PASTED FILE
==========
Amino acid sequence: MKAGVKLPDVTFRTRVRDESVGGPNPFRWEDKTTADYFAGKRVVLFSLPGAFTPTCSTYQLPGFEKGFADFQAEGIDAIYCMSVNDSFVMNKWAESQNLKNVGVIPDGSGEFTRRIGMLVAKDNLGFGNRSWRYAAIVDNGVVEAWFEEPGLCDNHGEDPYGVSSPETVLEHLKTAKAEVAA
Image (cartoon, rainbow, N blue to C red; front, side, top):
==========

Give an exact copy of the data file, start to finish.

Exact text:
Amino acid sequence: MKAGVKLPDVTFRTRVRDESVGGPNPFRWEDKTTADYFAGKRVVLFSLPGAFTPTCSTYQLPGFEKGFADFQAEGIDAIYCMSVNDSFVMNKWAESQNLKNVGVIPDGSGEFTRRIGMLVAKDNLGFGNRSWRYAAIVDNGVVEAWFEEPGLCDNHGEDPYGVSSPETVLEHLKTAKAEVAA
Image (cartoon, rainbow, N blue to C red; front, side, top):